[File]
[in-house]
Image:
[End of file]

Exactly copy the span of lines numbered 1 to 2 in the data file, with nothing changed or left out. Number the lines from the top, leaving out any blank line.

[in-house]
Image: